When I was growing up here in Franklin, segregation was the norm. There was a “colored” waiting room at the doctor’s office. There were separate elementary and high schools. Babysitters, maids and laborers were all black. Doctors and lawyers and teachers were all white. So was our little country club and I can remember the black children riding their bikes up and hanging around the fence until a lifeguard chased them off.
It wasn’t right or wrong to us. It just was.
Truthfully, if you had asked me back then if we’d ever have black president, I would’ve told you with all the sincerity that a 10 year old can muster that we wouldn’t. Of course, I would’ve said the same thing about a woman. I also would’ve told you that King Arthur was the greatest man ever and that if I didn’t get a pony for Christmas I would d-i-e die!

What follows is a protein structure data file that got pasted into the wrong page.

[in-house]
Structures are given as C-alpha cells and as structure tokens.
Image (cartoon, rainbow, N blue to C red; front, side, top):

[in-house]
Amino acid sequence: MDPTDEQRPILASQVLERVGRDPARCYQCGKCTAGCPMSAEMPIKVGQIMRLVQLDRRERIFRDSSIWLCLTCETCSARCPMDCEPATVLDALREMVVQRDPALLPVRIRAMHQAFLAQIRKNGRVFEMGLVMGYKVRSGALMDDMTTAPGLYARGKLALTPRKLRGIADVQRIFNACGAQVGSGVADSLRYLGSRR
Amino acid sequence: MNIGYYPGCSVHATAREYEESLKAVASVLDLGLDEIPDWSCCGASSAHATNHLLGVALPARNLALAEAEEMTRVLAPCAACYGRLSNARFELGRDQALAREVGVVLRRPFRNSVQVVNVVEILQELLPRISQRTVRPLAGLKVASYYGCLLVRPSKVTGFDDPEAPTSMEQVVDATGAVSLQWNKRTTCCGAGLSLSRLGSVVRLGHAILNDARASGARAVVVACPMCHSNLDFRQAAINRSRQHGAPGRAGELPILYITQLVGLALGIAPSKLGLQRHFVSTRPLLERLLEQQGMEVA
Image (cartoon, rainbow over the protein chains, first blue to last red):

But today, in my 50th year, it’s all changed. We’re by no means perfect, but we have come a long, long way.
Because today my doctor is black and my cleaning lady is white.
Oh, and my president? He’s black too.